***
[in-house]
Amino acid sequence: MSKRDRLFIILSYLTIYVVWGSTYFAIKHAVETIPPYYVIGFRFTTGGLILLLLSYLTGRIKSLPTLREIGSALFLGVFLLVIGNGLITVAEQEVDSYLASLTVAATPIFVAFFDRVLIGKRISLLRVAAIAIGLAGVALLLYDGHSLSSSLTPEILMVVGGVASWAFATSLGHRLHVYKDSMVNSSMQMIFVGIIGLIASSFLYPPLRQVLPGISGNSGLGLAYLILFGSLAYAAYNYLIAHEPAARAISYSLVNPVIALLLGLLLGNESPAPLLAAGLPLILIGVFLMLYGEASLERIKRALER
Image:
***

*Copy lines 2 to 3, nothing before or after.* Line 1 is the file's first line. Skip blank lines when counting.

Amino acid sequence: MSKRDRLFIILSYLTIYVVWGSTYFAIKHAVETIPPYYVIGFRFTTGGLILLLLSYLTGRIKSLPTLREIGSALFLGVFLLVIGNGLITVAEQEVDSYLASLTVAATPIFVAFFDRVLIGKRISLLRVAAIAIGLAGVALLLYDGHSLSSSLTPEILMVVGGVASWAFATSLGHRLHVYKDSMVNSSMQMIFVGIIGLIASSFLYPPLRQVLPGISGNSGLGLAYLILFGSLAYAAYNYLIAHEPAARAISYSLVNPVIALLLGLLLGNESPAPLLAAGLPLILIGVFLMLYGEASLERIKRALER
Image: